Nordea's Viktor Sonebäck interviewed Patrik Zekkar, Global Head of Trade Finance & Working Capital Management at Nordea, to hear more about how the COVID-19 outbreak will disrupt global supply chains, as occurred during the SARS outbreak in 2003-04 and the Fukushima accident in 2011. Patrik elaborates on how China plays a greater role today, how corporates should think about their supply chains and how Nordea can offer short-term help.
VS: Measures to contain the global COVID-19 outbreak will disrupt trade flows and constrain supply and demand, by keeping people away from work in production, shopping and travelling. How do you expect supply chains to be affected for corporates?
PZ: Systemic supply chain shocks are not a new phenomenon. Earlier incidents include the SARS virus outbreak in 2003-04, the Fukushima nuclear plant accident in Japan after an earthquake in March 2011, and the volcano eruption on Iceland in April 2010, which created an enormous ash cloud and grounded all flights in northern Europe. All of these events stretched supply-chain resilience. It took Toyota three months to get back to pre-earthquake production rates in 2011, and the European land and sea transport network was under enormous pressure for six days to keep supplies flowing.
What has changed over time is the reliance on China in the global economy. Back in 2003 during the SARS outbreak, China accounted for only 4% of global GDP. Today it is 16%. Furthermore, the increased shift towards China in the global supply chain has been driven by cost and competence factors.
Another fundamental change is that China has climbed the value-chain ladder from manufacturing components to also assembling products, and it has become an important trade partner for developing countries. Hence, the ripple-effect from a disruption in China can be sudden and unexpected, such as General Motors’ Louisiana plant closing down owing to a lack of Japanese-made parts after the Fukushima accident. Such disruption will be felt not only in developed countries, but also among manufacturing hubs in developing countries where much needed raw materials are trapped. For example, the vast majority of factories in Bangladesh source raw materials from China.
China is a bigger part of global supply chains today and involved higher up in value chains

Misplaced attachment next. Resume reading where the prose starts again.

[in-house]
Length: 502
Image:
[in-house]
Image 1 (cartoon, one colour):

PZ: At present, an additional concern is that the regions in China hardest hit by the COVID-19 outbreak to date are those focused on electronics and the automotive industry. We have seen indications that global shipments of smart phones could be impacted by up to 10% this year, and that there could be an impact on upcoming Christmas orders. Major releases of next-generation gaming consoles planned for the 2020 Christmas holiday season could also be at risk. When South Korea and Japan are added to the picture, their large automotive sectors also become a clear area for concern.
VS: What can corporates do to manage their supply chains in the short term? What should be their key considerations? Are their any tools they can use to minimise the impact of the disruption?
PZ: Each supply chain has its own specific circumstances. Production levels vary from factory to factory, and where capacities are insufficient, prioritisations are made for which customers to supply first. Production and freight capacity may change rapidly, and should be monitored closely.
There may be a risk of infection recurring, especially in plants and factories with company dormitories. In terms of supply-chain disruption, even a single infected person can cause an entire factory to halt production, as was the case with Motorola in Singapore during the SARS outbreak of 2003. While ports have traditionally been kept open during previous outbreaks such as the SARS epidemic, disinfection operations and labour shortages may still reduce productivity beyond normal levels for maritime trade. Logistical challenges across China will continue for some time, with truck drivers needing to report back to work, continued road blocks and travel restrictions, and the prioritisation of food and medical goods transports. International ocean freight rates are likely to surge when goods start moving, and then there is the transit time to Europe and the US of around three weeks to contend with.
Corporates need to be up to date on obligations and rights under existing contracts and trade finance instruments, to avoid additional costs